Today, I picked up my book with a resolute determination to make some headway.
(pretty book, isn't it?) After trifling with the introductory chapters, and feeling as though the story was trying to escape me, I decided to just buckle down and dig in. If the story wasn't going to show itself, I was going to find it.
Buckle down I did. Previously I had read more than I assumed I had - turns out, I was already halfway through. So, today I finished it. 11 or so chapters.
The plot revolves around the House of the Seven Gables and the ancestral curse said to plague all offspring of the builder thereof. Sounds intriguing, doesn't it? Despite the mysterious secrets lying undiscovered in the souls of certain characters, the house itself, dark and decaying, so like its cursed inhabitants, and the two young people, come to stay at the House, so unlike, yet "held united by the stiffened grasp of Death", I was not intrigued.
A good book pulls you in, draws you into the life of the characters, tugs at you to keep reading until the end. Sadly, I felt as though I were plowing through this book. "Keep going, there's only 5 chapters left. I can do this!" Usually when I read, I get so absorbed in the story that I lose all track of chapter breaks. Not so this time. I kept waiting to be intrigued, and it just never happened.
However, I pulled a few quotes I really like from the depressing depths of this dark drama:
"...it should be woman's office to move in the midst of practical affairs and to gild them all, the very homeliest - were it even the scouring of pots and kettles - with an atmosphere of loveliness and joy." (written in contemplation of young Phoebe Pyncheon)How idyllic! I should wish to do just such. Too bad I'm not a character in a book. We real life people don't usually pull that off so well.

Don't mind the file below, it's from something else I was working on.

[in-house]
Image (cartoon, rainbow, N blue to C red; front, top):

"It was the Eden of a thundersmitten Adam, who had fled for refuge thither out of the same dreary and perilous wilderness into which the original Adam was expelled." (description of the gardens in which aged, troubled Clifford found solace)
I should mention that Clifford, upon gazing into Maule's Well, beheld a colorful "phantasmagoria" -shifting faces, mostly beautiful ones. Any joy in these visions was fleeting, though, for a horrible, gruesome face would always appear and ruin the splendor he found in the rippling water. (Hm. I think that was supposed to be a picture of his life. This book had lots of metaphory type stuff.)
I just had to throw that in there because I'd never heard the word phantasmagoria before and thought it was awesome.
"She knocked a third time, three regular strokes, gentle, but perfectly distinct, and with meaning in them; for, modulate it with what cautious art we will, the hand cannot help playing some tune of what we feel upon the senseless wood."
(Hepzibah Pyncheon, aflutter in alarm, knocking upon the door of her brother's chamber)
So, it is finished. I have conquered the House of the Seven Gables.
No longer shall its shadow fall over the stack of other books I've planned to read this summer. ;-)